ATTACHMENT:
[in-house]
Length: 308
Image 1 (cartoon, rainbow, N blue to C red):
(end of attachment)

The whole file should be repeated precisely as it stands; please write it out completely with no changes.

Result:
[in-house]
Length: 308
Image 1 (cartoon, rainbow, N blue to C red):